Raising chicks is the obvious way of keeping your flock constantly rejuvenated. Young chickens are pretty much self-sufficient after a few days, but you still need to give them the right environment to thrive in.
If you're allowing a mother hen to raise her own brood, you won't have to do much other than ensuring the young birds have plenty of chick feed (see below). If you're hatching eggs in a brooder, you'll have to play the part of mother hen yourself.
The first thing you need to sort out is your chicks' housing. You can buy "brooder" boxes to keep chicks in, or can improvise something yourself using a cardboard box or plastic bin with holes in the side. The important thing is to keep the birds warm and protect them from drafts, while ensuring good ventilation. You will need two square feet per chick, to ensure they have enough room when they get bigger – which they will do, very quickly.
Chicks need a lamp in their brooder to prevent them from becoming too cold
The chicks need to be kept in a temperature of 95F in their first week. The heat should be reduced by 5F each week until you’ve reached room temperature. A heater designed for coops and aviaries is the best buy. A red heat bulb is another option (not a white one – these produce glare that keeps chicks awake at night and tends to make them irritable and prone to pecking). Standard light bulbs will not do the job.
After installing your chicks, pay close attention to how they behave. If they're crowded together directly under or adjacent to the heat source, they're cold. Lower the heat source or add another. If, on the other hand, they shy away from it, they're too hot. In this case the heater or bulb will need to be moved further away.
Equipping a Brooder for Chicks
Use wood shavings or some other non-toxic, absorbent material. Avoid newspaper, and don’t use aromatic, oily woods such as cedar. A 1" layer of this bedding will be enough. If you omit the bedding, the chicks are in danger of slipping and sliding, which can result in a life-threatening condition called spayed leg. The high quantity of droppings also makes bedding essential. Bedding will need changing at least once a week.
The chicks will need food and water dispensers. Buy custom-made ones rather than improvising with dishes and trays: these inevitably end up fouled and/or spilled. Very young chicks will need to have their water changed at least twice a day, as they have the uncanny ability of turning all liquids to messy soups within a few hours!
Adult chickens need roosting poles for perching when they sleep. Chicks can do without, but as they get older they will appreciate the inclusion of poles in the brooder, so try to include some.
A chicken wire covering for the top of the brooder is advisable. Chicks can easily "fly the nest" if the sides of the brooder are less than 18” high.
This Araucana hen provides all the warmth and shelter her chicks need when they've finished foraging
Starter feed will form the basis of your chicks’ diet. There are many different brands available, and it’s best to source one that you have easy local access to – i.e. the one available in your local farm supplies or pet store. Some feeds are “crumbles”, others are “mash”. The latter is more finely ground than the former, but both are suitable for chicks.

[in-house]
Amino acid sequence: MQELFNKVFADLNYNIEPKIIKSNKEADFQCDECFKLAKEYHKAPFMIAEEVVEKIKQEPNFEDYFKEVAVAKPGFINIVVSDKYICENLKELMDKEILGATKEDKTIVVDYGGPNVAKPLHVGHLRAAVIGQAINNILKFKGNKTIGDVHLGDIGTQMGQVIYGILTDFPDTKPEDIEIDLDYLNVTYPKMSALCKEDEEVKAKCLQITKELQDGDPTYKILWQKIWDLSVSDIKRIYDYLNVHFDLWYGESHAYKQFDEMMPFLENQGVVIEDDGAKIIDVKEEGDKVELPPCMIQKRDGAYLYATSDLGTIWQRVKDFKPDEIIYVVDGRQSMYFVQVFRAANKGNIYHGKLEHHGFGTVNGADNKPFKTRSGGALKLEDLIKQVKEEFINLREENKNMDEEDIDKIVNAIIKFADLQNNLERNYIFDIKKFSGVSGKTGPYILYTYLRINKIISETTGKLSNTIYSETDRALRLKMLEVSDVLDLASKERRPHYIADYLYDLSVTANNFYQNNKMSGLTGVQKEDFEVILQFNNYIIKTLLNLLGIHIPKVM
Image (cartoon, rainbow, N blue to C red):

Note: if your chicks have been vaccinated against Coccidiosis (see the Chicken Health section of this guide), you will need to buy an unmedicated feed.
A good starter feed will also be a “grower” feed, which you can feed your chicks for up to 16 weeks. Others are for the first four weeks only, after which you can switch to a “grower” crumble or mash.
You can also feed chicks a few supplementary vegetable and other human food scraps (see the Feeding section of this guide to make sure you don’t include any unsuitable items). Like adult chickens, they will also enjoy worms and other bugs from the garden. These should never replace the starter feed mix, however. Chicks will eat as much as they need, and there’s no danger of them over-eating. So all you have to do is make sure the feeders are topped up at all times.
Grit for Chicks
Like adult birds, chicks require grit to grind up their food. It needs to be sand grain-sized, rather than the small pebbles and shell fragments that grown birds require.
This is a problem frequently encountered in young chicks. Their droppings become encrusted on their vents, preventing them from pooing. Any affected bird can be relieved by wetting the pasted-up area with warm water and then wiping it free. You may occasionally have to use tweezers to remove a plug of poo from the vent. The chick will need holding securely during this rather delicate and undignified procedure. If left blocked, a pasted-up chick can easily die.
Note: if there is a thin dark strand hanging from a chick’s rear end, this is NOT pasting up. It’s the dried up umbilical cord that attached the bird to its yolk inside the egg. It will fall off in a few days.
When Can Chicks Live Outside?
Chicks can spend a little time outdoors when they’ve reached two weeks. A large wire cage or some other type of portable enclosure can be placed outside for a few hours a day – but only if it’s at least 65F and not too windy, and definitely not rainy! The birds will need food, water and shade, and shouldn’t be left alone for very long. Predators are everywhere when you’re a small chick!
Once they’ve reached four to five weeks, the chicks can be moved permanently into the outdoor chicken run.